Psychology alumni who work in mental health

Studying Psychology at The University of Manchester can open the door to many different careers within the vast and varied world of psychology. Today, we’re focusing on a selection of our psychology graduates who have gone on to work in mental health-related careers. Read all about them and what their jobs consist of below…

Chloe Murphy

I graduated from Psychology at Manchester five years ago and have stayed in the north-west ever since, despite originally being from London.

I’m currently working as an Educational Mental Health Practitioner. I work with children and young people in school settings as part of a mental health support team. It’s a new role funded through the NHS in collaboration with Health Education England that ensures children can access psychological support services in the heart of education where they spend a lot of their time.

The role involves delivering low-intensity CBT, one to one sessions and group sessions. There is also a wider approach where we work with teachers and other school staff to develop a whole-school approach to tackling mental issues in schools.

My career journey since graduating had been a mixed bag before landing this role. Initially, I did a summer internship as a Research Assistant with a patient-centred health outcomes company, a role that I actually found through the University’s careers service. After that, I focused on clinical roles and volunteered as an Assistant Psychologist in an autism service where I got to see how autism assessments were made and then volunteered in a psycho-social service in a children’s paediatric department in a hospital.

Alongside those volunteering roles, I was working part-time as a support worker where I was helping children and adults with learning disabilities and mental health issues.

Shannon Atkinson

I graduated from The University of Manchester four years ago and I’m currently working as a Team Leader as part of a Supported Living Scheme for adults who have just come out of psychiatric care.

The patients I work with might not have the skills to live on their own yet, so they come to us for two years where we look to provide them with the necessary skills to allow them to go and live on their own in the community. My specific role is to manage the support workers who deliver that support. I do a variety of things including risk assessment, planning support, and crisis management.

Throughout my degree, I thought that I wanted to go down the clinical psychology route so did a lot of volunteering in that field during university. One piece of volunteering that I did was as a Benefits Advisor for people with mental health issues. I also worked part-time as a support worker after university and that’s where I realised that I preferred helping people with day to day skills rather than the clinical side of things.

Steph Armstrong

I graduated in 2013 and initially found it really difficult to get a clinical role after graduating, and it took me two years to get started. The first thing I did after graduating was volunteer on a neuropsychiatric unit before getting a job as an Assistant Psychologist for one day a week. In this role, I was working with eating disorder patients where I was delivering low-intensity CBT.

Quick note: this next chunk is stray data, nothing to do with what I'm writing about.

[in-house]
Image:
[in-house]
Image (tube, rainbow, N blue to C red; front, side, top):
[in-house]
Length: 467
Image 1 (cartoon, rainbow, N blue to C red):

Alongside that, I got a job as a Mental Health Care Support Worker in an inpatient unit. I initially wasn’t keen on the job, but I found it a really valuable experience. It was a really intense environment where you get to learn how to deal with challenging situations which is a great skill to have.

From there, I moved to London where I got a full-time job as an Assistant Psychologist for an eating disorder service where I was delivering group therapy sessions, individual CBT sessions, and conducting some research too which was actually published.

After that, I did a master’s in abnormal clinical psychology which took me to my current role which is an Assistant Psychologist in an early intervention service for young people with psychosis. It’s for people between the age of 14 and 35 who have just had their first episode of psychosis. The aim of the service is to try and manage relapse and reduce risk. I deliver low-intensity CBT and DBT, conduct psychiatric assessments and also evaluate the service to make sure that people are being referred to the right service are getting the right treatment for their needs.

I’m leaving that job in September and moving back to London as I’ve got a place on a Clinical Training Doctorate.

Clementine Fitch-Bunce

I graduated in 2018 and currently I work as a Domestic Violence Case Worker for a charity called Solace Women’s Aid. My role is to primarily help women to stay safe in their current relationships or to exit relationships in a safe way. I work really closely with the police, the criminal justice system, social services, housing, and social care/local authorities.

When I graduated, I worked as a Special Education Needs Teaching Assistant and from there, I went into an inpatient eating disorder unit where I worked as Mental Health Support Worker. Like Steph, I was apprehensive about doing it because it seemed daunting, but I learned an awful lot – you’re thrown in the deep end but that’s where you develop a lot of skills.

I got into my current role through volunteering with the Citizens Advice Witness Service at Manchester Magistrates Court while I was at university. so it’s really important to try and take advantage of different volunteering opportunities while at university because it can really work to your advantage further down the line.

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